The Pattern Maker's Assistant; Embracing Lathe Work, Branch Work, Core Work, Sweep Work, and Practical Gear Contruction. the Preparation and Use of Tools Together with a Large Collection of Useful and Valuable Tables

The Pattern Maker's Assistant; Embracing Lathe Work, Branch Work, Core Work, Sweep Work, and Practical Gear Contruction. the Preparation and Use of Tools Together with a Large Collection of Useful and Valuable Tables

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This historic book may have numerous typos and missing text. Purchasers can download a free scanned copy of the original book (without typos) from the publisher. Not indexed. Not illustrated. 1897 edition. Excerpt: ...place battens below the box, and let in pieces of hard wood or metal above, as represented in Fig. 127, at G and H. CHAPTER VII. WHEEL AND PULLEY WORK. Our fourth example is a double flanged pulley, shown in section in Fig. 128; and our first consideration is, how it shall be molded. It evidently should he in the sand in the position shown in Pig. 129; but it will be observed that the sand is confined between two flanges, rendering it practically impossible to retract the pattern from the mold, if it is made in one piece. We say practically impossible, meaning that it cannot be done economically; for strictly speaking, an expert inolder with every requisite appliance, can mold almost anything, as any one will conclude who examines the various works of art in bronze which appear in art exhibitions and elsewhere. Our pattern must, for ease of molding, be made in two parts. If the disk (or spokes, if it be a spoke-wheel) be sufficiently thick to allow it, the division may be made at the center, that is to say, on the line A P, in Fig. 128. The operation of the molder may be understood from Fig. 129, three distinct beds of sand being necessary. It may be that a part of a flask is used for each bed, or it may be arranged as shown in Fig. 129, it being a matter of indifference to the pattern maker. In either case, however, draught should be allowed both inside and outside, that is to say, both the interior and exterior diameters of the pattern should be made smallest at the line of parting, the diameters increasing slightly as they approach the flanges. The hubs also should, in like manner, be slightly tapered. Inside sharp corners should be avoided; they should, in fact, always be rounded by cutting them out with a round-nosed tool. To construct this...show more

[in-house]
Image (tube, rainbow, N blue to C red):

Product details

  • Paperback | 56 pages
  • 189 x 246 x 3mm | 118g
  • Rarebooksclub.com
  • Miami Fl, United States
  • English
  • black & white illustrations
  • 1236580842
  • 9781236580849